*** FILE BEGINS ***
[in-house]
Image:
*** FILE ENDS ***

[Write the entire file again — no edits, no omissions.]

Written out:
[in-house]
Image: